Smartphone monitoring can boost behavioural studies
Interpreting the data collected from volunteers' own smartphones -- which has the potential to emulate randomised trials -- can boost research into human behaviour, finds a new study.
London: Interpreting the data collected from volunteers' own smartphones -- which has the potential to emulate randomised trials -- can boost research into human behaviour, finds a new study.
Fani Tsapeli from the University of Birmingham, and her colleague and Mirco Musolesi from the University College London used user-generated data, harvested from their phones to evaluate the cause of increased stress levels of participants.
Most of the earlier research works relying on smartphones focused on detecting factors in the features extracted from smartphone data. But that pure correlation analysis did not provide for a sufficient understanding of human behaviour.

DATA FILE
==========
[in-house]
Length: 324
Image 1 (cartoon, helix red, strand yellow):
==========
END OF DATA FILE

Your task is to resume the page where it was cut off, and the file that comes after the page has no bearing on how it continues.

Therefore, the study authors tried to identify factors that could be at the root cause of issues revolving around health and well-being.
In this study, the authors used data from a research project at Dartmouth College, Hanover, US, called StudentLife. It included information on participants' location taken from raw GPS data, which helped determine whether they were working or socialising.
Also included was data on activity levels, like running, walking or travelling on public transport, inferred from participants' raw accelerometer data.
They found that exercising and spending time outside the home and working environment have a positive effect on participants' stress levels.
By contrast, they found that reduced working hours only slightly impact stress. The conclusions cannot be extended to the general population due to the small sample size. But the approach has been validated and shows great promise for further studies.
The study was published recently in EPJ Data Science.